I believe that Hiroshima University is a place that nurtures researchers. Torn between finding employment and pursuing research, some students give up on the idea of going on to a doctoral program. What can researchers do for students? What messages can we give them? These are everyday issues for us.

While I do not know whether it will help, a few years ago I started up a residential program for students in my laboratory. We go and stay somewhere for a few days in June or July, before we get busy with graduate school entrance examinations. Planned by the students themselves, the program features research presentations and seminars. The students do everything from deciding on the venue and the themes of the presentations, to compiling a booklet of presentation abstracts. Faculty members do not ask any questions during the presentations; instead, senior students serve as moderators and the students themselves move the discussion forward. It is almost like a miniature academic society conference.

Students giving a research presentation at the residential program

Research presentation at the residential program

The soccer tournament held at the residential program

The residential program ends with a soccer tournament in which everyone wears matching strips!

I believe that the communication among the students has improved further since the launch of this residential program. Before that, students tended to split up into groups that seemed to align only with their research themes, but after the residential program, I began to see a change in their attitudes. For example, they were more willing to ask questions to more senior students who were studying different research themes. I hope my students gain a great deal of positive experiences at Hiroshima University that will enable them to spread their wings and achieve success in the future. I believe that Hiroshima University has the perfect environment for this.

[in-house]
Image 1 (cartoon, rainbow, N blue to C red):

Graduated from the Faculty of Science, Tokyo University of Science. Successfully completed a master’s program at the Graduate School of Science, Tohoku University. Worked for Kyocera Corporation. Successfully completed a doctoral program at the Graduate School of Science, University of Tokyo. Appointed to his current position in 2018 after being a researcher at the Japan Science and Technology Agency, and a research associate, assistant professor, and associate professor at the Graduate School of Advanced Sciences of Matter, Hiroshima University.

Overview of Research

Specializes in condensed matter physics, which uses quantum mechanics and statistical mechanics to understand the distinctive properties of substances, such as magnetism and superconductivity (the state of zero electrical resistance). Has recently been undertaking experimental research focused on discovering novel substance groups in which the electron orbitals of magnetic ions cause diverse phenomena, such as phase transition and superconductivity, as well as single-crystal synthesis, and the precise measurement of properties at low temperatures. Plans to explore substances that could become the subject of new research in the field of condensed matter physics and to work on developing new functional materials.

(Interview: March 2018)